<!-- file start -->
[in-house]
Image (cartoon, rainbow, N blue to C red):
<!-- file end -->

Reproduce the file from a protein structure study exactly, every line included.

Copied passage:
[in-house]
Image (cartoon, rainbow, N blue to C red):